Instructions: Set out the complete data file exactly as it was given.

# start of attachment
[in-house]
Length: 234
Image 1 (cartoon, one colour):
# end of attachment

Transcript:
[in-house]
Length: 234
Image 1 (cartoon, one colour):